Late-breaking mutations may play an important role in autism

July 17, 2017, Children's Hospital Boston
Lim, Walsh and colleagues overlapped the post-zygotic mutations they identified from blood DNA samples with publicly available gene expression data from brain autopsies (via the BrainSpan Project). This enabled them to roughly map the brain regions in which the mutated genes are expressed. In this image, representing prenatal brain samples, the biggest hit was the amygdala (AMY), in red. There were minor hits in the striatum (STR) and cerebellar cortex (CBC) that did not reach statistical significance. Credit: Mohammed Uddin

A study of nearly 6,000 families, combining three genetic sequencing technologies, finds that mutations that occur after conception play an important role in autism. A team led by investigators at Boston Children's Hospital and the Broad Institute of MIT and Harvard reports the findings today in Nature Neuroscience.

Over the past decade, mutations to more than 60 different have been linked with (ASD), including spontaneous, non-inherited (de novo) mutations. But much of autism still remains unexplained. The study, led by first author Elaine Lim, PhD, of Boston Children's, and senior author Christopher Walsh, MD, PhD, of Boston Children's and the Broad Institute, delved into an emerging category of de novo mutations: those found in only a subset of our cells.

De novo mutations can occur in a parent's sperm or egg, or they can occur after fertilization, arising in an embryonic cell. These are known as post-zygotic mutations or PZMs (also known as ). The later PZMs occur during embryonic development, the fewer cells will carry them, making them harder to detect.

"If the mutation is in a very small fraction of all cells, it will be missed by ," says Lim.

Finding post-zygotic mutations

To find PZMs, Lim, Walsh and colleagues obtained whole-exome sequencing data previously gathered from 5,947 families, courtesy of the Simons Foundation Autism Research Initiative (SFARI) Simplex Collection, the Autism Sequencing Consortium and Autism Speaks. They then resequenced some of the DNA from these children using three independent sequencing technologies in parallel.

Based on their findings, they classified 7.5 percent of ASD subjects' de novo mutations as PZMs. Of these, 83 percent had not been picked up in the original analysis of their genome sequence.

Some PZMs affected genes already known to be linked to autism or other neurodevelopmental disorders (such as SCN2A, HNRNPU and SMARCA4), but sometimes affected these genes in different ways. Many others were in genes known to be active in development (such as KLF16 and MSANTD2) but not previously associated with ASD.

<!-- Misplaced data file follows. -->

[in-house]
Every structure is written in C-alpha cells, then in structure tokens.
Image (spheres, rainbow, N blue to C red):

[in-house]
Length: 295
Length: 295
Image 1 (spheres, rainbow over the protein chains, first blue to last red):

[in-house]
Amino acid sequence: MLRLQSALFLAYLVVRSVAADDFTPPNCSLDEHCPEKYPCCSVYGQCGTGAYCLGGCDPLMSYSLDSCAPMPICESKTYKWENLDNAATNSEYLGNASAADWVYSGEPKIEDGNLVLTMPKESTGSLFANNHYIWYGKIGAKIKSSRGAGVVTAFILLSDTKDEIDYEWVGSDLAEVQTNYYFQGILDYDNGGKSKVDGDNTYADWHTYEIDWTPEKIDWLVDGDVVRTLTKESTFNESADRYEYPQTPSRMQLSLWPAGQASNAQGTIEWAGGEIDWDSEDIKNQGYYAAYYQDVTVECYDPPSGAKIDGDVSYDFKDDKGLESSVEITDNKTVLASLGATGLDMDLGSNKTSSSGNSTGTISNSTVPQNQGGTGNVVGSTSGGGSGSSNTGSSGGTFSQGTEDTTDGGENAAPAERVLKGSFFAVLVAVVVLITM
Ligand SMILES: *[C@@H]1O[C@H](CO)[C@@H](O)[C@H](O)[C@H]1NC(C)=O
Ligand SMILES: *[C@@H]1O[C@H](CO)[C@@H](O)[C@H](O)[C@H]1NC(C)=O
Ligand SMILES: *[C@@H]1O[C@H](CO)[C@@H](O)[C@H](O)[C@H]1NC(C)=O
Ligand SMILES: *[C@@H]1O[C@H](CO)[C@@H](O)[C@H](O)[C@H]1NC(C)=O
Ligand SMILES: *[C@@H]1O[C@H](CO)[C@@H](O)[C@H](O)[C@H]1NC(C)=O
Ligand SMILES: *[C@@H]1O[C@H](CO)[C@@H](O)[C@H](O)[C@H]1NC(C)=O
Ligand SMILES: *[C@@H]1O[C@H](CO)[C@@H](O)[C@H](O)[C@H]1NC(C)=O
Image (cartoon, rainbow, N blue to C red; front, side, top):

The connection of these genes to autism may have been missed before because the earlier studies focused on mutations that knocked down gene function. "Some of the postzygotic mutations we found represented a gain of function, not a loss of function," says Lim, who is also affiliated with the Wyss Institute for Biologically Inspired Engineering.

The amygdala and autism

To estimate the developmental timing of the mutations and the brain regions affected, Lim, Walsh and colleagues compared their sequencing data, which mostly came from blood DNA samples, with publicly available gene expression data from brain autopsies representing different ages (prenatal through adult) via the BrainSpan Project.

"By overlapping the data, we can start to map where in the brain these genes are expressed and when the mutations occurred during development," says Lim.

These analyses showed that PZMs in the subjects with ASD occur disproportionately in genes expressed in the amygdala. "This was exciting to us, in that the amygdala has been proposed as an important region of the brain in autism," says Lim.

Our dynamically developing brains

Overall, the work adds to evidence that complex brain disorders, such as epilepsy, intellectual disability, schizophrenia and brain malformations, can arise from non-inherited that occur at some point during prenatal development.

"We have known that PZMs are an important cause of epilepsy, but this work provides the best evidence so far that they are relevant to as well," says Walsh, who is also an Investigator of the Howard Hughes Medical Institute. "So it is now exciting to consider what other psychiatric conditions might have a role for PZMs."